Potential Changes. Are you planning a major change in the coming year such as moving to a new location, changing jobs, buying a house, getting married, having a child, entering the job market, or buying a new room of furniture? Every major change affects the budget plan.

Setting Goals

Short-term goals are what you want to have or do within one year, while long-term goals are what you can achieve during the years to follow. People who set goals are often more successful than those who don’t — they know where they’re going and what they want to achieve.

Follow these steps to set your financial goals:

  1. Write down your goals.
  2. Estimate how much each goal will cost.
  3. Determine when you want to achieve the goal.
  4. Estimate how much money you need to set aside each month or each year to reach the goal.
  5. Set aside the amount of income needed to meet your goals before you use income to meet expenses.

Estimate Income

Add together all sources of income including take-home pay, interest, dividends, bonuses, etc. If you have a regular income, plan your budget so expenses do not exceed income each month.

If you have an irregular income, consider these suggestions for budgeting:

Estimate Expenses

The next step in the budget process is to decide how income will be spent during the year. Think of expenses as fixed, flexible, or irregular.

Fixed Expenses. These include rent or mortgage payments, utilities, installment loans, or credit card minimums. Savings for goals and an emergency fund also should be considered as fixed expenses. Experts recommend keeping an amount equal to at least two months of living expenses in an emergency fund, a liquid, interest-bearing account that is readily available. An amount equal to an additional one to four months of living expenses might be kept in funds that are slightly less available such as certificates of deposit, money market funds, or mutual fund. The exact amount needed in an emergency reserve fund depends on insurance coverage and how stable your income is.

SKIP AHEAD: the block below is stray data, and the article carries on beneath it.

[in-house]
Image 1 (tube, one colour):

Flexible Expenses. These expenses vary from day to day to cover food, clothing, household costs, medical care, entertainment, and utility bills. This is the part of the budget where the greatest adjustments can be made. If you don’t have any expense records to help estimate flexible expenses, keep track of them for two or three months to get a better idea.

Irregular Expenses. These come up periodically throughout the year. College tuition and insurance premiums are good examples. So are organization dues and holiday gifts. Such expenses will be flexible in amount and/or timing. Look over past records and make “educated guesses” as to when irregular expenses are likely to occur and what amount will be needed. Total the amount likely needed during the year. Divide that figure by 12 to get the amount you’ll need to set aside each month for irregular expenses.

Balance the Budget

Total expenses must equal or be less than total income. If you need to cut back on your expenses, start with the flexible expenses, then consider irregular expenses, and finally fixed expenses. If you have a surplus after subtracting expenses from income, consider adding more to savings.

Put Your Budget Plan into Action

This is probably the hardest step in using a budget. Keep records of actual spending and compare them with your budget plan at the end of the month. Note expenses as they occur so you’ll be more aware of what you’re actually spending so you can make adjustments during the budget period, not just at the end.

Keep Track of Actual versus Planned Income and Expenses

Records of actual income and spending will be needed at tax time. Complete records make filling out income tax forms easier and quicker.

Use income and spending records to:

Fine-tune Your Budget and Use for Planning

Adjust budget plan figures when necessary. Don’t give up if the plan does not work perfectly the first time. It may take several months of adjusting and re-adjusting before your budget plan works smoothly.

The real payoff for using a budget and tracking actual income and expenses comes when you use both records to help plan for the future.

This publication has been peer reviewed.


Visit the University of Nebraska–Lincoln Extension Publications Web site for more publications.
Index: Financial Management
Money Management
Issued May 2011